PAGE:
SkyMall Monday: Electric Travel Blanket

Here at SkyMall Monday, we realize that SkyMall’s popularity is based on our desire to let technology solve all of our problems. Hungry? Cook a hot dog. Hit your child? Stop the bleeding. But what about when you’re in the car with your spouse and the air conditioning has made you uncomfortably cold? Sure, you could politely ask him to adjust the settings to warm you up but that would require you to select the proper words and tone of voice to convey your feelings in a healthy and respectful way. Why not keep your mouth shut and solve the problem by yourself? Because doesn’t it make much more sense to use the Electric Travel Blanket?

Let’s be honest. Talking is overrated. Your spouse works hard all day. He pays the bills, buys you nice things and drives you places in his temperature controlled vehicle. The last thing he needs is you yapping in his ear about how cold it is in the car. Frankly, if he wants to turn the car into a portable meat locker, that’s his prerogative. Why would he want to adjust the air conditioning settings just to make you comfortable? Geez, you’re so selfish. So solve your own problems by plugging a blanket into the car’s cigarette lighter and warm yourself.

Think I’m being over-dramatic? The good folks who write the SkyMall product descriptions agree with me and they’re geniuses. I mean, they write for SkyMall! Take a look:

For as long as cars have been air-conditioned, drivers and passengers have bickered about the “right” temperature. With this super-soft electric car blanket, the “colder” person can be comfortable, even when the A/C is on full-blast.

Yes, it truly is a story as old as time. And by putting the word “colder” in quotation marks, we understand that what they really meant to say was “whiny.” So quit your bitching about the air conditioning because your man likes his cars cold, not his women. Just save your relationship with the Electric Travel Blanket.

Check out all of the previous SkyMall Monday posts HERE.

Zimride Makes Ride Sharing Safe & Easy

Gas prices are rising. The economy is tanking (no pun intended). You want to share a ride somewhere to split costs. You could try Craigslist but that seems like a crap-shoot. I mean, you want to find someone to share gas and toll expenses, not a casual encounter. Well, now there’s a more reliable resource for drivers looking for hop-ons or travelers in need of a ride: Zimride.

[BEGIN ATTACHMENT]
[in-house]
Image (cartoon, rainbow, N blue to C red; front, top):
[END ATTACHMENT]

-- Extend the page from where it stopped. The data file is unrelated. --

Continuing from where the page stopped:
Zimride combines the technology of Google Maps, the growing power of social networking sites like Facebook and their own matchmaking algorithm to match drivers. The site offers rideshares for one-way trips, roundtrips and even daily commutes. And the social networking aspect of the service encourages people to learn about their potential travel companions before they buckle up and hurl themselves down the asphalt together.

In fact, upon registering, Zimride immediately asks you if you have a Facebook account. If you do, it will ask you for permission to access your Facebook profile. It populates your Zimride profile with information from your Facebook account. You then have the option to edit that information and add details about your vehicle, your preferred driving speed and even your favorite travel music.

Not sure I’d go cross-country using Zimride (though the founder, John Zimmer, did just that when traveling from New York to Palo Alto, CA to prove the site’s usefulness), but it might be a better alternative to taking the bus or train for short trips. And who knows? You may also find a casual encounter out of it.

Have you shared rides? Used Zimride? Have better ideas for finding travel companions? Share your thoughts in the comments.

Great American Road Trip: More road kill woes and how to clean a car

The first mishap was when we nailed a possum in Illinois east of Chicago the first night of our road trip to Montana. The critter was lumbering across the interstate about 10:30 p.m. That was a sad moment.

Thursday, driving to and from Regent, North Dakota we had several sad moments. Honestly, there are some things that can’t be avoided.

I already posted about the two pheasants we hit. The chipmunk and the blackbird came later.

We didn’t hit them all at once, but over the course of several miles. Such is one of the realities of traveling on small two-lane highways–but this was ridiculous. Particularly when two raccoons made a mad dash in front of us as I was typing the previous sentence. The second one didn’t make it.

With each thump, I’m shouting out from the passenger seat, a strangled “Arggh!” Seriously, it was a nightmare. “That’s one way to damage a car,” I said.

“It’s not like I’m trying to hit them,” said my husband. It’s true, he wasn’t, and swerving too much is dangerous. He pointed out the deep ditch on the side of the road.

My son, the six-year-old wanted to stop for feathers and fur.

My daughter wanted to know why I’m making such an awful sound.